The Open University

The Open University is involved with UK Parliament Week as the values of the two organisations coincide: both seek to make a difference.

 

UK Parliament Week is about engaging with people from across the UK, empowering them to get involved, and to help them make a difference.

 

The Open University’s mission is to be open to people, places, methods and ideas. We promote educational opportunity and social justice by providing high-quality university education to all who wish to realise their ambitions and fulfil their potential. Our vision is to reach more students with life-changing learning that meets their needs and enriches society. In achieving our mission, we are committed to, and are guided by, the enduring Open University values of inclusivity, innovation and responsiveness.

 

All about ‘Changemakers’

In 2020 The Open University launched its ‘Changemakers’ social media campaign, part of the university’s partnership with UK Parliament Week.

 

This campaign, designed with students as partners as part of our ‘Open Politics’ initiative, engaged Open University students and the wider public in making a difference by learning about political engagement. The campaign asked people to think about individuals who’ve made a change in society and the impact they’ve had (politically, democratically, socially), with people submitting their nominated changemaker on Twitter (search #OUatUKPW on twitter to see the submissions).

 

The OU is building on its partnership with UK Parliament Week, and the work undertaken so far by ‘Open Politics’, with this guide to making political and social change. The guide encourages people to engage with the UK Parliament in particular, as well as politics more generally, giving people the essential knowledge and tools needed to make change.

 

In this document we have highlighted some of the changemakers nominated by Open University students and the wider public. We hope this guide will help you to understand how you can be a changemaker, with the nominations an inspiration to making change, whether big or small.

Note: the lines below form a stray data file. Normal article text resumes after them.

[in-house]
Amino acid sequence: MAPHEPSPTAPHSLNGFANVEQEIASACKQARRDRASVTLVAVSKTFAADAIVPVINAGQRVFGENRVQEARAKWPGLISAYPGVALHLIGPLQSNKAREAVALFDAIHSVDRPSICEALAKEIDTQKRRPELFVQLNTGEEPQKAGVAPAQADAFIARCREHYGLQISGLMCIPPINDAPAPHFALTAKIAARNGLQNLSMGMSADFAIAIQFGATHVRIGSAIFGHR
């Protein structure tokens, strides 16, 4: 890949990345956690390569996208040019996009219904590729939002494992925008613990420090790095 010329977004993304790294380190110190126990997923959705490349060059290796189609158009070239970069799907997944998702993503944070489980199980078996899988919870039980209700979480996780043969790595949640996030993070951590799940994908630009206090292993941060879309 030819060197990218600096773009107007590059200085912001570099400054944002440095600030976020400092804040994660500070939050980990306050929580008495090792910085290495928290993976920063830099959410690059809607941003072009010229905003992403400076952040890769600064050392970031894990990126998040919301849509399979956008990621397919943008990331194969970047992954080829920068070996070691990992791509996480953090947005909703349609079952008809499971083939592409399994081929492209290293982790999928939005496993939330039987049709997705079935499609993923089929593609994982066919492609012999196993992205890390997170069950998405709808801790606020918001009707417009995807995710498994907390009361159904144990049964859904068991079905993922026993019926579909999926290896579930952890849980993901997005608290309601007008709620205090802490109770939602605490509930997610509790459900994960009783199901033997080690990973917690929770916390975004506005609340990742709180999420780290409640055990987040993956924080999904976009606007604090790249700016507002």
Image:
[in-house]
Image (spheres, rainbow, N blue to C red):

This document can be downloaded and used by all.

 

Discover more

 

 

 

Want to run your own online engagement project?

Online engagement involves using social media and social networks to engage, connect, and converse with people.  The engagement will probably be measurable, and might include things like the number of downloads or the number of likes, or might involve two-way conversation and the development of a network, depending on the platform.

 

A key part of ‘Changemakers’ is engaging with students and the wider public online, utilising the social media platform twitter.

 

There are benefits in engaging online to you as an organisation:

  • You can increase your media profile
  • You can reach a broader and more diverse audience, which in turn can increase engagement
  • You can engage people in innovative ways (social media, videos, links to relevant content)
  • It can be a relatively cheap way to run a project (staff time is often the major cost)
  • You can gather data about engagement quite easily (number of ‘hits’ for instance), which is useful when reporting findings
  • You can get real-time feedback, making the project more responsive
  • You can be more transparent and build trust amongst your stakeholders, which in turn helps your profile
  • If you’re a university, you can use your online engagement as part of a REF submission.

 

There are also benefits to participants:

  • Barriers to participation are removed (geography, travel/transport, caring responsibilities, work, budget constraints)
  • Resources are available online, leading to increased awareness
  • There are opportunities to community build, within and outside the project
  • There are opportunities to increase employability skills, particularly for participants you engage as partners in design of the project.

 

Hints and tips for organisations when getting started:

  • Think about your aims and the audience, and then the best platform to meet those needs
  • Think about the different technology and platforms available and the pros and cons of each: do your research, and think about what the technology/platform can offer rather than simply copying face to face activities
  • Think about social media versus social networking: both involve online activity, but the former focuses more on broadcasting messages to a broad audience, and the latter two-way communication and the development of relationships
  • Think about engaging participants (such as students) as partners in the design of your project, to get their key insights and to help with community building
  • Think about representativeness, in terms of 1) reaching the right number of people, 2) reaching a diversity of people
  • Think about accessibility and disability, making sure that what you do is available to as many people as possible (so, think about alternative formats, e.g., if using videos make sure you provide captions)
  • Think about privacy and safeguarding; ensure you are gathering and storing data appropriately, and participants are aware of what’s happening with their data
  • Think about evaluation, and the best way to gather feedback and data (qualitative or quantitative, for instance). This links back to your overall aims.